China looking to partner for energy projects with Philippines

·Contributor
·2 min read
Chinese Ambassador to the Philippines Liu Jianchao gestures during a news conference at the Ambassador's residence at the country's financial district of Makati city, east of Manila, Philippines Thursday, June 9, 2011. China warned Asian neighbors Thursday to stop searching for oil near the disputed Spratly Islands and vowed to assert its sovereignty over the potentially petroleum-rich territory in the South China Sea despite rival claims. (PHOTO: AP Photo/Bullit Marquez)
Chinese Ambassador to the Philippines Liu Jianchao gestures during a news conference at the Ambassador's residence at the country's financial district of Makati city, east of Manila, Philippines Thursday, June 9, 2011. China warned Asian neighbors Thursday to stop searching for oil near the disputed Spratly Islands and vowed to assert its sovereignty over the potentially petroleum-rich territory in the South China Sea despite rival claims. (PHOTO: AP Photo/Bullit Marquez)

China is seeking more projects with the Philippine energy sector as it boasts its renewable energy technologies like hydropower and solar panels, according to its former envoy to Manila.

During his three-day visit to the Philippines, Chinese Minister of International Department Liu Jianchao highlighted Beijing’s four "key priority" areas of cooperation it aims to develop with the Philippines namely: agriculture, infrastructure, energy, and people-to-people relations.

"We are ready to work with the Philippines in energy sectors. We have the largest hydro power generation in the world," Liu said, adding that China also intends to help the Philippines develop solar energy.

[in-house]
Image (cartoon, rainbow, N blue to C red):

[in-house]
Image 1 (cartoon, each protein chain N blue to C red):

"We are the largest solar panel producer in the world," Liu added.

The ambassador also said that China wants to discuss coal power plant financing with the Philippine government since both countries support efforts to address climate change.

Currently, China is the largest public financier of coal overseas, accounting for over 60% of public financing between 2013 and 2018, according to research by the Global Development Policy Center’s Gallagher and colleague Xinyue Ma.

China, however, claimed that its carbon emissions will start tapering off in 2030 and pledged at the UN in 2020 to achieve carbon neutrality by 2060.

Meanwhile, the Philippine GNPK 4X135MW coal-fired power plant project, which has the largest installed capacity on Mindanao, is under negotiations by the China and Philippine governments as part of its government-togovernment projects.

The said plant is constructed by a consortium joined by Shanghai Electric Power Construction Co., Ltd. (SEPC) and PowerChina Central China Electric Engineering Co., Ltd (PCCEC).

The Philippines currently has several coal-fired power stations financed by international public investment institutions including Calaca power station in Batangas, Masinloc power station in Zambales, Mindanao Steag power station in Villanueva, Pagbilao and Quezon power station in Quezon province, and Sual power station in Pangasinan.

Aside from climate change concerns, some of the country’s coal-fired power plants have raised concerns on health and sometimes displacement of their surrounding communities.

Pola Rubio is a news writer and photojournalist covering Philippine politics and events. She regularly follows worldwide and local happenings. She advocates for animal welfare and press freedom. Follow her on Twitter @polarubyo for regular news and cat postings. The views expressed are her own.

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